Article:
The Neapolitan Mastiff is an intelligent, calm breed that's loving and devoted to its family. These big dogs are good around children and other pets with proper socialization and training. Neapolitan Mastiffs certainly have an imposing size and appearance. But as their owners will attest, they're really sweet-tempered softies underneath.
Neapolitan Mastiff History
The Neapolitan Mastiff is a direct descendent of the great Molossus war dog of antiquity. Evidence of the breed's ancestry dates back to 3000 B.C.
Around 330 B.C., Alexander the Great crossed giant war dogs from Macedonia with shorthaired dogs from India. When the Romans later conquered Greece, they became enamored with the resulting warrior canines. They made the Mastiffs fight men and big game—such as lions, tigers, and elephants—in gladiatorial entertainment.
Over the following centuries, Mastiff breeders in and around Naples developed the breed into a guardian of homes and estates. Owners considered the dog's imposing size and appearance alone enough to deter potential intruders.
The Neapolitan Mastiff arrived in America by the 1970s and received American Kennel Club recognition in 2004.
Neapolitan Mastiff Traits
Hailing back to the days of ancient Rome, the Neapolitan Mastiff's colossal and commanding appearance has astonished invaders and intruders alike. The breed is tough and stately looking, as well as powerful and solidly built. The Neapolitan Mastiff has a classic guard dog exterior but is docile and non-aggressive on the inside.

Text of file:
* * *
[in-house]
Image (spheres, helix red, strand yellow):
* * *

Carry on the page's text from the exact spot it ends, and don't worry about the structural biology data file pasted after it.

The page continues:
Coat and Colouring
The Neapolitan Mastiff comes in blue (gray), black, mahogany, and tawny. Lighter and darker shades of these colors may exist in the breed. Reverse brindle (tan stripes) and white markings on the chest and underbody are also possible.
Distinctive Physical Traits
Neapolitan Mastiffs are recognizable by their immense, stocky body, and loose skin. An abundance of wrinkles and folds hang from the face, muzzle, and nose of the Neapolitan Mastiff. Long ears flank their heads.
Neapolitan Mastiff Temperament
It's not unusual for the Neapolitan Mastiff to be stubborn, determined, and strong-willed with a mind of its own. That said, Neapolitan Mastiffs are loyal and peaceful dogs, making them excellent family pets.
Due to their size, they require careful supervision around children. Because of the breed's extreme devotion to its home and territory, it makes a superior guardian. For the same reason, these dogs rarely wander or stray from home.
The Neapolitan Mastiff may not get along well with other dogs. Their size may be intimidating, which can lead to aggression or fighting. To help your pup develop into a well-mannered dog, begin socialization at a young age.
Neapolitan Mastiff Care
All dogs need high-quality food that's appropriate for their life stage (e.g., puppy, adult, senior). A diet formulated specifically for large-breed dogs is best for Neapolitan Mastiffs, as it supports slow and steady growth.
Monitor how much food your Neapolitan Mastiff eats. To keep them at a healthy weight, measure food portions and consider treats when tracking their daily calorie intake. As a guideline, treats should make up no more than 10% of your dog's calories.
The short coat of the Neapolitan Mastiff is fairly low maintenance. A bath from time to time should do the trick.
The breed's eyes and ears should be checked and gently cleaned whenever needed, and the nails should get regular trims to keep them at a short length. Note that Neapolitan Mastiffs are wont to drool—so be prepared!
The exercise needs of the Neapolitan Mastiff are generally low. A short walk—say 15-30 minutes daily—is usually sufficient. Leisurely hikes and brief games of catch or chase are also great options.
Though stubborn, Neapolitan Mastiffs respond well to reward-based training techniques. The breed thrives on praise and positive reinforcement.
Neapolitan Mastiffs are not the best breed for a novice pet owner due to their attention and disciplinary needs. But if you have experience handling dominant alpha dogs, it could be a perfect fit.
Reviewed 26 July 2020 by Cindy Elston, DVM, MPH